“We need to move in a different direction,” Morrissette said of the use of PFAS firefighting foam. He said his office has been meeting with firefighting foam manufacturers for months to discuss alternatives to PFAS.

Rep. Jonathan Steinberg, D-Westport, proposed legislation this year to halt the use of PFAS foam for fire training in Connecticut. The bill had strong support from a firefighters’ association as well as environmentalists and passed the legislature’s public health committee unanimously, but never made it to the floor of the House or Senate for a vote.

Steinberg said the problem may have been the legislation included a $66,000 cost estimate because it required public health officials to evaluate alternatives to PFAS firefighting foam.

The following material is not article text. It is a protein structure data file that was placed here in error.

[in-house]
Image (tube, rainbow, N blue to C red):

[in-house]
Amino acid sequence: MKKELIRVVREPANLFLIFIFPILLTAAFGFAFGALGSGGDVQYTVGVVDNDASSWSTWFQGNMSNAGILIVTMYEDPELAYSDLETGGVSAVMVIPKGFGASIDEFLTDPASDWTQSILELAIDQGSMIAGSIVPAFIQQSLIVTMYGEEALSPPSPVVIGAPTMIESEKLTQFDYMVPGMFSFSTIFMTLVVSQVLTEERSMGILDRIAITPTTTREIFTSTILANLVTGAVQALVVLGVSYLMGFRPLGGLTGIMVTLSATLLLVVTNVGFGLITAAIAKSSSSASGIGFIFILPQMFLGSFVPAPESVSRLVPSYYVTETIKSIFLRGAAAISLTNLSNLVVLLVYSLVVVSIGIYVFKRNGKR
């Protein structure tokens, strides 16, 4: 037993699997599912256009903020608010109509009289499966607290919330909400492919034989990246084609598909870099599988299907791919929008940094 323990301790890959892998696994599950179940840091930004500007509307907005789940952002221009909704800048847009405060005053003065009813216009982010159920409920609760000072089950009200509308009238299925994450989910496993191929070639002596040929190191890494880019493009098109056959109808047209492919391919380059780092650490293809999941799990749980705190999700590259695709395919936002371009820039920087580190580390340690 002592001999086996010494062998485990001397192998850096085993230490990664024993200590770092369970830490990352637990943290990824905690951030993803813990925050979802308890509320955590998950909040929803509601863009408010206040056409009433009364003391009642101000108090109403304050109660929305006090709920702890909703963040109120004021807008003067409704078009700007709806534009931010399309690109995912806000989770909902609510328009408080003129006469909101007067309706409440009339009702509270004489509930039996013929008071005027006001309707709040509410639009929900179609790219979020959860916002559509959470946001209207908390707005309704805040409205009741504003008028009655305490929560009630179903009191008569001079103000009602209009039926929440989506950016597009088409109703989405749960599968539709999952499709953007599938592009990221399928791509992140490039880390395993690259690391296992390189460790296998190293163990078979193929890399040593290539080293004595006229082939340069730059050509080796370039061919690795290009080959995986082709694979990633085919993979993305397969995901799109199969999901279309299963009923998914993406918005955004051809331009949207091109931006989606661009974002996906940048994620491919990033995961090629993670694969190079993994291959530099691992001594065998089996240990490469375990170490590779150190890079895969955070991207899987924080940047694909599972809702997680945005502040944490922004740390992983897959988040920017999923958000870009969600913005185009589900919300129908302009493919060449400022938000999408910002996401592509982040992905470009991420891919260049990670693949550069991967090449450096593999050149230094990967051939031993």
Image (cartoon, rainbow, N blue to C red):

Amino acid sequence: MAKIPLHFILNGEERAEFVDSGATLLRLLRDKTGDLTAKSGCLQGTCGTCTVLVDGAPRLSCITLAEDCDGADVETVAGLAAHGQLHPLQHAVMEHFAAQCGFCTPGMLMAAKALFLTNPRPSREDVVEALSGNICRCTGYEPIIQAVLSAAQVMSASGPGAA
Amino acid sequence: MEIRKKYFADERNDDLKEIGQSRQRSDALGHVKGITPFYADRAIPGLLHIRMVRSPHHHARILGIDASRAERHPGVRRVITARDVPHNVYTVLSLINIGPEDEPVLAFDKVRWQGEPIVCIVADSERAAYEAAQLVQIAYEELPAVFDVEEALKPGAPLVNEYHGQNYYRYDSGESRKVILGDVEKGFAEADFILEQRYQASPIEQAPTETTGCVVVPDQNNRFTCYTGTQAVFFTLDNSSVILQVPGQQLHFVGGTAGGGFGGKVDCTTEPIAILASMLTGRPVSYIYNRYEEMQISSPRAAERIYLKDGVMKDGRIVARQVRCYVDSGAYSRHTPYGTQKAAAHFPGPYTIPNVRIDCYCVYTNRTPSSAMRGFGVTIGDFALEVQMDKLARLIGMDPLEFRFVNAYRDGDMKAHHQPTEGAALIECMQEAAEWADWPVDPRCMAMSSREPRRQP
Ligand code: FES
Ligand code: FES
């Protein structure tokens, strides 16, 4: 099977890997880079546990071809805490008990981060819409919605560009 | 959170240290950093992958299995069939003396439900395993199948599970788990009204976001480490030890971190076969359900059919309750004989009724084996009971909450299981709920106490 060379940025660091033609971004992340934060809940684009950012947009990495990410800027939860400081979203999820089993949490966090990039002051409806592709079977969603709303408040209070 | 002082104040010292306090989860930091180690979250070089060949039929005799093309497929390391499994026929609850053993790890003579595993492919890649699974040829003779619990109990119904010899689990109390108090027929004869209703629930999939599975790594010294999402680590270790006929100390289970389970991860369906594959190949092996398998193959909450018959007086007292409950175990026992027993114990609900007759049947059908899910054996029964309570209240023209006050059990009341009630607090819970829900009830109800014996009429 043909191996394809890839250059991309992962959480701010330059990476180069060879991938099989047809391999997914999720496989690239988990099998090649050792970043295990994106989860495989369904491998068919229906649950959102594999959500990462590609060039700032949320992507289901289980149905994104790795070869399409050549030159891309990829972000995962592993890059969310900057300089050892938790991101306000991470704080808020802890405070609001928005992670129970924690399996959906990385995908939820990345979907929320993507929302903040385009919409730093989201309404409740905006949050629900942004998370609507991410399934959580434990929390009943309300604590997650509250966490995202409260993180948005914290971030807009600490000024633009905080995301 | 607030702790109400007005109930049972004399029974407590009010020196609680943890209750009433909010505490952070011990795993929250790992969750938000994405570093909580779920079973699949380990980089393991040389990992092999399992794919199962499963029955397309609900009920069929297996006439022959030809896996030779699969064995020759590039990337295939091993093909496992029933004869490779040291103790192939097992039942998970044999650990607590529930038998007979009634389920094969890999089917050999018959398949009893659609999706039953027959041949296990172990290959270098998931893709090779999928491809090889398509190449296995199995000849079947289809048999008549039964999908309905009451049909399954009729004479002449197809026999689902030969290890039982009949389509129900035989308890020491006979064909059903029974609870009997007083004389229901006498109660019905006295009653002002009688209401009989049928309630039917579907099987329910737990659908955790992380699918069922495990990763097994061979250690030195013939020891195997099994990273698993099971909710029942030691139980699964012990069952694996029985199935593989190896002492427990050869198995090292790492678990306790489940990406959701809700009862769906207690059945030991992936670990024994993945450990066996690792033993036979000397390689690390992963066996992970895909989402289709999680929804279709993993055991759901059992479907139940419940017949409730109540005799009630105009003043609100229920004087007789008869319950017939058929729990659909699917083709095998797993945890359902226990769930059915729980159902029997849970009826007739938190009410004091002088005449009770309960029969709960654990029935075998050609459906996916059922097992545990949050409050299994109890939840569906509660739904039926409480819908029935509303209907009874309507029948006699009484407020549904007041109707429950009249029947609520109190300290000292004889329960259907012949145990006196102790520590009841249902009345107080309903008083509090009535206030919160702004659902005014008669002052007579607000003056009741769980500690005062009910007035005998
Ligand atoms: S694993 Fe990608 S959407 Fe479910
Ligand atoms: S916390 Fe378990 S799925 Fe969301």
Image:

Although it was “a relatively modest amount,” according to Steinberg, there was no provision for that funding in the budget that passed the General Assembly after months of negotiations and wrangling. Steinberg said he will try again in 2020, and state officials have said they will support reasonable proposals to control PFAS pollution.

“It’s too bad we didn’t get this passed,” Steinberg said. “We would have been on our way to solving this.”

Gregory B. Hladky can be reached at


©2019 The Hartford Courant (Hartford, Conn.)